Letter: Aspen loses with Amendment 66
November 2, 2013
Aspen loses with Amendment 66
With all of the campaigning for support of Amendment 66, I encourage your readers to consider the position against its passage. If Amendment 66 passes, Aspen will lose education funding and our quality of education will decline.
As a young person who intends to raise a family here over the next decades, I'm very concerned about Amendment 66. Given the cost of living in Aspen, it's hard enough for young families to make it here. The quality of our schools is one thing that makes people, including young families, stay.
As our education funding decreases, so will the quality of Aspen's schools. In response, our local leaders will have no choice but to ask Aspen residents to make up for the money in additional taxes, income or property. As taxes go up, and the quality of our schools decline, more and more of our young families will leave Aspen.
As former Mayor Ireland has made us aware, the aging of our Aspen population is not sustainable and a cause for serious concern. We must bring young families to Aspen and keep them here if we are to have a healthy community. Amendment 66 exacerbates this challenge.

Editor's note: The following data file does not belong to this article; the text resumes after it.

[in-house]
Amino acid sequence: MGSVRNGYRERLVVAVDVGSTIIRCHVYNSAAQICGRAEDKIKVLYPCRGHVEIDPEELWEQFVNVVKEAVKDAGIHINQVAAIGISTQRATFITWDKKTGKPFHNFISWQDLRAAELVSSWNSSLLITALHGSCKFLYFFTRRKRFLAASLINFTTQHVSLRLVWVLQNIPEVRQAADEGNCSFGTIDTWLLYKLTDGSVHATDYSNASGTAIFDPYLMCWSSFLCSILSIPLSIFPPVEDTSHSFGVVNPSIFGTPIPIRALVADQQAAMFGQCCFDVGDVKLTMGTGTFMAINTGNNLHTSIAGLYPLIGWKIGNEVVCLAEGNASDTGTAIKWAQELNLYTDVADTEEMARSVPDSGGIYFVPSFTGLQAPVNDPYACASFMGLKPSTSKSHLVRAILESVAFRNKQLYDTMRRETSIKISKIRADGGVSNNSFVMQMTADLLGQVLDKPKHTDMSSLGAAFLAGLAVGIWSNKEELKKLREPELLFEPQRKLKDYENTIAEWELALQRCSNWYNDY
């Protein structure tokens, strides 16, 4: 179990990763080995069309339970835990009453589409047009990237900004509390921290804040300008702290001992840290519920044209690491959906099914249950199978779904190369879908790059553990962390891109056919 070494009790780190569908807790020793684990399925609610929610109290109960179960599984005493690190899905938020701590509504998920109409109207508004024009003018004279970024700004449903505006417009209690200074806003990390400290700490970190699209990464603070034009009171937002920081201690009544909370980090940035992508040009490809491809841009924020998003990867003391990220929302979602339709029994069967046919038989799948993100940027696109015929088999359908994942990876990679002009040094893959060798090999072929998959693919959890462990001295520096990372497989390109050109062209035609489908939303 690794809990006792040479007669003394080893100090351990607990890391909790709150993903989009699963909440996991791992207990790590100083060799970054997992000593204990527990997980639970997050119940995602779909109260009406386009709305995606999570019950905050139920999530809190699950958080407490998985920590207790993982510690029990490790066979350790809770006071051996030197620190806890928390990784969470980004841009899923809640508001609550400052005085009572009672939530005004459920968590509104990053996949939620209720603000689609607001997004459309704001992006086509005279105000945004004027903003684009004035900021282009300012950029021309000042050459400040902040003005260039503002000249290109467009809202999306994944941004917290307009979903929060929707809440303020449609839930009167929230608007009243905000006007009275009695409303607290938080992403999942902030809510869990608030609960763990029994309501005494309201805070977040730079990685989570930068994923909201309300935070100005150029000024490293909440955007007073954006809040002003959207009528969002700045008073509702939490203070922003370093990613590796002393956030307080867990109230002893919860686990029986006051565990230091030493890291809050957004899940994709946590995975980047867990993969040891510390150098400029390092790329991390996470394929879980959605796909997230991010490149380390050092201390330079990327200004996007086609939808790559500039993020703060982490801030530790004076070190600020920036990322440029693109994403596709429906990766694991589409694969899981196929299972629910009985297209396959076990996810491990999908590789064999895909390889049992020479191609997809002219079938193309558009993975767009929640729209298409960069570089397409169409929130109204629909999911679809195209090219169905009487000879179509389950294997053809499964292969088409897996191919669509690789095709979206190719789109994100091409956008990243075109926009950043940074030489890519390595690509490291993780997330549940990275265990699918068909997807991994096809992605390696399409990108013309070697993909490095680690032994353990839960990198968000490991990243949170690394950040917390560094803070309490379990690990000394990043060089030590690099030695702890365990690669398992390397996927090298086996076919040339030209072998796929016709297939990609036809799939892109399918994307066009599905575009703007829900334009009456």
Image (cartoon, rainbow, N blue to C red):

I care a lot about education for Colorado and Aspen's kids. I've written a number of times in your paper about how I value my own education. Ensuring that lower-income children receive the education they need to succeed is a moral and economic imperative. Nonetheless, taking needed funds from middle class kids is not the answer to solving that issue. Amendment 66 sets up winning kids and losing kids. Aspen's kids lose. Despite its good intentions, I'm voting against Amendment 66 because we can — and must — do better.
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